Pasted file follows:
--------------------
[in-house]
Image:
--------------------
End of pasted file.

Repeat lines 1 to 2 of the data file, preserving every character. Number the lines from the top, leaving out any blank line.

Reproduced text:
[in-house]
Image: